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The Diary of a Decadent
Lost in a shipwreck in 1895, rewritten before the author's suicide in 1896, and not published until 1925, José Asunción Silva's After-Dinner Conversation (De sobremesa) is one of Latin America's finest fin de siècle novels and the first one to be translated into English. Perhaps the single best work for understanding turn-of-the-twentieth-century writing in South America, After-Dinner Conversation is also cited as the continent's first psychological novel and an outstanding example of modernista fiction and the Decadent sensibility. Semi-autobiographical and more important for style than plot, After-Dinner Conversation is the diary of a Decadent sensation-collector in exile in Paris who undertakes a quest to find his beloved Helen, a vision whom his fevered imagination sees as his salvation. Along the way, he struggles with irreconcilable urges and temptations that pull him in every direction while he endures an environment indifferent or hostile to spiritual and intellectual pursuits, as did the modernista writers themselves. Kelly Washbourne's excellent translation preserves Silva's lush prose and experimental style. In the introduction, one of the most wide-ranging in Silva criticism, Washbourne places the life and work of Silva in their literary and historical contexts, including an extended discussion of how After-Dinner Conversation fits within Spanish American modernismo and the Decadent movement. Washbourne's perceptive comments and notes also make the novel accessible to general readers, who will find the work surprisingly fresh more than a century after its composition.
Spatial Transitions in Post-Dictatorship Latin America
During the age of dictatorships, Latin American prisons became a symbol for the vanquishing of political opponents, many of whom were never seen again. In the post-dictatorship era of the 1990s, a number of these prisons were repurposed into shopping malls, museums, and memorials. Susana Draper uses the phenomenon of the “opening” of prisons and detention centers to begin a dialog on conceptualizations of democracy and freedom in post-dictatorship Latin America. Focusing on the Southern Cone nations of Uruguay, Chile, and Argentina, Draper examines key works in architecture, film, and literature to peel away the veiled continuity of dictatorial power structures in ensuing consumer cultures. The afterlife of prisons became an important tool in the “forgetting” of past politics, while also serving as a reminder to citizens of the liberties they now enjoyed. In Draper’s analysis, these symbols led the populace to believe they had attained freedom, although they had only witnessed the veneer of democracy—in the ability to vote and consume. In selected literary works by Roberto Bolaño, Eleuterio Fernández Huidoboro, and Diamela Eltit and films by Alejandro Agresti and Marco Bechis, Draper finds further evidence of the emptiness and melancholy of underachieved goals in the afterlife of dictatorships. The social changes that did not occur, the inability to effectively mourn the losses of a now-hidden past, the homogenizing effects of market economies, and a yearning for the promises of true freedom are thematic currents underlying much of these texts. Draper’s study of the manipulation of culture and consumerism under the guise of democracy will have powerful implications not only for Latin Americanists but also for those studying neoliberal transformations globally.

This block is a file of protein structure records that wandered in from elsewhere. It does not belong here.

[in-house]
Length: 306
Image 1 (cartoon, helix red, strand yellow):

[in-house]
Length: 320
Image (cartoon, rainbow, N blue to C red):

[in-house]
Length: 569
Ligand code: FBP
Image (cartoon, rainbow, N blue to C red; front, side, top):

A History of Zimbabwe Project
1978: In Rhodesia, the Internal Settlement led to the creation of a coalition government. Smith had, however, neither capitulated nor abandoned his belief in white superiority, and thousands of people fled across the countryís borders.In England, a group of missionaries, supported by the Catholic Institute for International Relations, formed a steering group that was to become the Zimbabwe Project. Originally an educational fund to support exiled young Zimbabweans, it shifted focus toward humanitarian assistance to refugees in the region.1981: The Zimbabwe Project Trust, a child of the war, came home, and its director, Judith Todd, started mapping the route that it would follow for the next thirty years.ZimPro ñ as it came to be known ñ began its work with ex-combatants, assisting with their education, skills training and co-operative development, and producing a news bulletin. In terms of funding, courage, and creative programming, it became a giant in the countryís development landscape, but it has had to negotiate many political, financial and philosophical minefields on the way. Against The Odds offers a rare insight into workings of an NGO on the frontline. With a cast of larger-than-life characters, it also offers a drama of Zimbabweís first thirty years and provides insights and lessons which will benefit everyone concerned with development, and provide historians with another important lens through which to view the past.
Nayantara Sahgal’s Gandhian Fiction
The Agent in the Margin: Nayantara Sahgal’s Gandhian Fiction is a comprehensive study of the literary works of Nayantara Sahgal, daughter of Vijaya Lakshmi Pandit—the first woman president of the United Nations General Assembly—and niece of Jawaharlal Nehru, India’s first prime minister. Clara A.B. Joseph introduces Mahatma Gandhi’s political and philosophical to literary analysis and utilizes non-structuralist aspects of Louis Althusser’s theories of ideology to trace how characters marginalized by gender, class, race, and language in Sahgal’s work assume agency, challenging poststructuralist theories of cultural and ideological determinism. She considers how gender complicates autobiography and how the roles of daughter, virgin, wife, widow, and alien serve (often ironically) to highlight human dignity.